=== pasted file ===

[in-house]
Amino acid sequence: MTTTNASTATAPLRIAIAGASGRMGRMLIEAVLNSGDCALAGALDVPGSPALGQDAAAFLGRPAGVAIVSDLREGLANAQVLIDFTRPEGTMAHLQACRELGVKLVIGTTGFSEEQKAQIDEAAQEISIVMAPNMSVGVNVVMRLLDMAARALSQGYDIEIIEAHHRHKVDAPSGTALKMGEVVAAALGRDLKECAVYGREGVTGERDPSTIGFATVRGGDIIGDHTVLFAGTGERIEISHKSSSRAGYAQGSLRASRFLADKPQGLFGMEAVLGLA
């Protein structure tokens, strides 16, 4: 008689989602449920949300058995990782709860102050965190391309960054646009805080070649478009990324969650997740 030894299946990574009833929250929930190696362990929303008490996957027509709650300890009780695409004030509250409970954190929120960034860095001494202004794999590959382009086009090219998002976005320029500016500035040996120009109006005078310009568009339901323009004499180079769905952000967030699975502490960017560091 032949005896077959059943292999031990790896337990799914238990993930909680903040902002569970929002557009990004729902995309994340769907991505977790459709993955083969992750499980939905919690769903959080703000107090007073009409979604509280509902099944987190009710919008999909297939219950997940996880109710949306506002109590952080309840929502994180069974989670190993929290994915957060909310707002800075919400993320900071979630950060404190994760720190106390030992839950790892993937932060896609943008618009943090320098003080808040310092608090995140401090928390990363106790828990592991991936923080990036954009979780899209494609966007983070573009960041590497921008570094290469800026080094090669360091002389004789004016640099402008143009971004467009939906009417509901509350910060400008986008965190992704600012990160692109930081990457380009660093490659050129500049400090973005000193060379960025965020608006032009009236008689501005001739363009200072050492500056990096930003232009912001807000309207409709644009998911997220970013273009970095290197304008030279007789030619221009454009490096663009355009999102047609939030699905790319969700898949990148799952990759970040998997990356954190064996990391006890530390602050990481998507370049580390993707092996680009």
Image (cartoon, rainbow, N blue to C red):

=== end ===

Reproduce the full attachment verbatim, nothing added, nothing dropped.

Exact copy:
[in-house]
Amino acid sequence: MTTTNASTATAPLRIAIAGASGRMGRMLIEAVLNSGDCALAGALDVPGSPALGQDAAAFLGRPAGVAIVSDLREGLANAQVLIDFTRPEGTMAHLQACRELGVKLVIGTTGFSEEQKAQIDEAAQEISIVMAPNMSVGVNVVMRLLDMAARALSQGYDIEIIEAHHRHKVDAPSGTALKMGEVVAAALGRDLKECAVYGREGVTGERDPSTIGFATVRGGDIIGDHTVLFAGTGERIEISHKSSSRAGYAQGSLRASRFLADKPQGLFGMEAVLGLA
């Protein structure tokens, strides 16, 4: 008689989602449920949300058995990782709860102050965190391309960054646009805080070649478009990324969650997740 030894299946990574009833929250929930190696362990929303008490996957027509709650300890009780695409004030509250409970954190929120960034860095001494202004794999590959382009086009090219998002976005320029500016500035040996120009109006005078310009568009339901323009004499180079769905952000967030699975502490960017560091 032949005896077959059943292999031990790896337990799914238990993930909680903040902002569970929002557009990004729902995309994340769907991505977790459709993955083969992750499980939905919690769903959080703000107090007073009409979604509280509902099944987190009710919008999909297939219950997940996880109710949306506002109590952080309840929502994180069974989670190993929290994915957060909310707002800075919400993320900071979630950060404190994760720190106390030992839950790892993937932060896609943008618009943090320098003080808040310092608090995140401090928390990363106790828990592991991936923080990036954009979780899209494609966007983070573009960041590497921008570094290469800026080094090669360091002389004789004016640099402008143009971004467009939906009417509901509350910060400008986008965190992704600012990160692109930081990457380009660093490659050129500049400090973005000193060379960025965020608006032009009236008689501005001739363009200072050492500056990096930003232009912001807000309207409709644009998911997220970013273009970095290197304008030279007789030619221009454009490096663009355009999102047609939030699905790319969700898949990148799952990759970040998997990356954190064996990391006890530390602050990481998507370049580390993707092996680009």
Image (cartoon, rainbow, N blue to C red):